Angiogenesis and non-small cell lung cancer
Cox, G., Jones, J. L., Walker, R. A., Steward, W. P., & O'Byrne, Kenneth J. (2000) Angiogenesis and non-small cell lung cancer. Lung Cancer, 27(2), pp. 81-100.
Lung cancer is the commonest cause of cancer death in the western world. Recent evidence suggests that angiogenesis is related to poor prognosis in many solid tumours including non-small cell lung cancer. Angiogenesis is controlled by a complex interaction between growth and apoptotic factors, proteases and adhesion molecules. The angiogenic process may prove a target for novel therapies such as matrix metalloproteinase inhibitors, growth factor antisense RNA, growth factor receptor antagonists and naturally occurring antiangiogenic peptides. These agents may be used alone or in combination with traditional chemotherapy, radiotherapy and surgery. (C) 2000 Elsevier Science Ireland Ltd.
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|Item Type:||Journal Article|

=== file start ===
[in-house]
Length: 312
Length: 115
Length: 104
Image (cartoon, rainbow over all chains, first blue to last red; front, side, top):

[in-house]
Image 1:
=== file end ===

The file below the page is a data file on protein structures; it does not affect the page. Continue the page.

|Keywords:||Angiogenesis, Apoptosis, Growth factors, Matrix metalloproteinases, Non- small cell lung cancer, angiogenesis inhibitor, angiostatin, basic fibroblast growth factor, cyclophosphamide, endostatin, fumagillol chloroacetylcarbamate, growth factor receptor antagonist, metalloproteinase inhibitor, platelet derived endothelial cell growth factor, protein bcl 2, protein p53, unclassified drug, vasculotropin receptor, article, drug mechanism, growth regulation, human, human cell, lung non small cell cancer, pathophysiology, priority journal, prognosis, Angiogenesis Inhibitors, Carcinoma, Non-Small-Cell Lung, Growth Substances, Humans, Lung Neoplasms, Neovascularization, Pathologic|
|Divisions:||Current > Schools > School of Biomedical Sciences
Current > QUT Faculties and Divisions > Faculty of Health
Current > Institutes > Institute of Health and Biomedical Innovation
|Copyright Owner:||Copyright 2000 Elsevier Ireland|
|Deposited On:||29 Nov 2013 06:52|
|Last Modified:||29 Nov 2013 06:53|
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